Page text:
What good is all those fancy chemistry lab equipments if you can't benefit humanity, say by improving our cocktails? Analytic chemist Neil Da Costa decided to dissect the chemistry behind making the perfect Bloody Mary:
With gas and liquid chromatography, Da Costa isolated the wide variety of compounds that give the bloody mary its unique flavor. The drink covers much of the taste spectrum: sweet, salty, sour and umami — the savory taste of glutamic acid.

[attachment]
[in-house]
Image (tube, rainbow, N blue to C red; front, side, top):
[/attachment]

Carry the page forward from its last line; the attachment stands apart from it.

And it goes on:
And, Da Costa says, the order of these sensations is appealing: first cool and refreshing, then spicy, and finally a sinus-clearing horseradish kick.
So what lessons can amateur bartenders glean from all this analysis? Make it fresh and make it cool, Da Costa says. Many of the ingredients are chemically unstable, so it's important to make your bloody mary from fresh ingredients and keep it iced to prevent deterioration.